Mohs scale of mineral hardness

2007 Schools Wikipedia Selection. Related subjects: Mineralogy

Mohs' scale of mineral hardness characterizes the scratch resistance of various minerals through the ability of a harder material to scratch a softer material. For instance, if you scratched a diamond along a pane of glass, the glass would scratch and it wouldn't harm the diamond in any way. It was created, in 1812, by the German mineralogist Friedrich Mohs and is one of several definitions of hardness in materials science.

Mohs based the scale on ten minerals that are all readily available except the last one, diamond. The hardness of a material is measured against the scale by finding the hardest material that the given material can scratch, and/or the softest material that can scratch the given material. For example, if some material is scratched by apatite but not by fluorite, its hardness on Mohs scale is 4.5.

The table below shows comparison with absolute hardness measures by a sclerometer. Mohs' is a purely ordinal scale with, for example, corundum being twice as hard as topaz, but diamond almost four times as hard as corundum. So, a diamond is the hardest substance known to man.

Hardness Mineral Absolute Hardness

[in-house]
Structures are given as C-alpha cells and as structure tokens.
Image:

1 Talc


2 Gypsum (CaSO4·2H2O) 2
3 Calcite (CaCO3) 9
4 Fluorite (CaF2) 21
5 Apatite


6 Orthoclase Feldspar (KAlSi3O8) 72
7 Quartz (SiO2) 100
8 Topaz (Al2SiO4(OH-,F-)2) 200
9 Corundum (Al2O3) 400
10 Diamond(C) 1500

On the Mohs scale, fingernail has hardness 2.5; copper penny, about 3.5; a knife blade, 5.5; window glass, 5.5; steel file, 6.5. Using these ordinary materials of known hardness can be a simple way to approximate the position of a mineral on the scale.

Some mnemonics traditionally taught to geology students to remember this table are "The Girls Can Flirt And Other Queer Things Can Do" or "To Get Candy From Aunt Fanny, Quit Teasing Cousin Danny".

An alternative table is shown below which has been modified to incorporate additional substances that may fall in between two levels.

Source: American Federation of Mineralogical Societies: Mohs Scale of Mineral Hardness

Hardness Substance or Mineral
1 Talc
2 Gypsum
2.5 to 3 Gold, Silver
3 Calcite, Copper penny
4 Fluorite
4 to 4.5 Platinum
4 to 5 Iron
5 Apatite
6 Orthoclase
6.5 Iron pyrite
6 to 7 Glass, Vitreous pure silica
7 Quartz
7 to 7.5 Garnet
7 to 8 Hardened steel
8 Topaz
9 Corundum
11 Fused zirconia
12 Fused alumina
13 Silicon carbide
14 Boron carbide
15 Diamond
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